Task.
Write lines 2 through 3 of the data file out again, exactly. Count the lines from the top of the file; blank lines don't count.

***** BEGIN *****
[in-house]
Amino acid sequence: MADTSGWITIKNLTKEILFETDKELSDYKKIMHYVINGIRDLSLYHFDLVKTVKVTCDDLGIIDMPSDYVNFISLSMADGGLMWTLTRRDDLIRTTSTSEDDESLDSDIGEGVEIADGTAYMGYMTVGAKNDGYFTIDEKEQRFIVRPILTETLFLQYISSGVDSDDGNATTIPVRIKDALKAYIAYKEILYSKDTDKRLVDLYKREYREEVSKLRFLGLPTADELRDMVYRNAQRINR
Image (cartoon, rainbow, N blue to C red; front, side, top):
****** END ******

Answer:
Amino acid sequence: MADTSGWITIKNLTKEILFETDKELSDYKKIMHYVINGIRDLSLYHFDLVKTVKVTCDDLGIIDMPSDYVNFISLSMADGGLMWTLTRRDDLIRTTSTSEDDESLDSDIGEGVEIADGTAYMGYMTVGAKNDGYFTIDEKEQRFIVRPILTETLFLQYISSGVDSDDGNATTIPVRIKDALKAYIAYKEILYSKDTDKRLVDLYKREYREEVSKLRFLGLPTADELRDMVYRNAQRINR
Image (cartoon, rainbow, N blue to C red; front, side, top):